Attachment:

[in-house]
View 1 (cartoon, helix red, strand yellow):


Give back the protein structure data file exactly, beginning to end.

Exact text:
[in-house]
View 1 (cartoon, helix red, strand yellow):